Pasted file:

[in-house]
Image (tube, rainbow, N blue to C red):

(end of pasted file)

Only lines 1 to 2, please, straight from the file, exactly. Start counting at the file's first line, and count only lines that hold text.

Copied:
[in-house]
Image (tube, rainbow, N blue to C red):